Letter: Marthage refuses calls to debate
Posted Thursday, July 12, 2018 7:42 am
To the Editor:
As the fireworks and barbeques of Independence Day are still fresh in our memories and we enter the height of the campaign season, it is only natural to think about our democratic traditions that have made our country's political system the envy of the world. Candidates from all walks of life throw their hats into the ring firmly convinced that their beliefs and policies are the best for the constituencies they hope to represent. Sometimes the viewpoints of the candidates are similar and other times they are diametrically opposed to each other. After debates, forums and much scrutiny it is the electorate that ultimately decides who is the best candidate, who has the best ideas, and who should occupy the office in question. It is an American tradition and the essence of our democratic process.
But the ideal does not always play out in reality. Sometimes candidates refuse to participate. They are not willing to subject themselves to the scrutiny of the voters. Their reasons can vary. They might be on the wrong side of the issues. In the case of incumbents, maybe their past performance was less than stellar. Perhaps it is a calculated decision by the candidate's advisors and lobbyists that debates are too risky and there is a need to play it safe. In the end, the failure of a candidate to participate in an unscripted and unpackaged environment results in a disservice to the voters. Unfortunately, such is the situation in Bennington County.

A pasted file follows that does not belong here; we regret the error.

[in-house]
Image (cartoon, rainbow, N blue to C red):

On August 14th the voters will be going to the polls to select a Democratic candidate for the office of Bennington County State's Attorney. By many accounts this race is the most important countywide election in quite some time. The candidates and their viewpoints could not differ more. The election will determine how criminal justice is handled over the next four years. Are the citizens of Bennington County satisfied with the status quo or is there a desire for change? Unless there are vigorous debates and forums whereby voters can ask meaningful questions to both of the candidates, we may never know.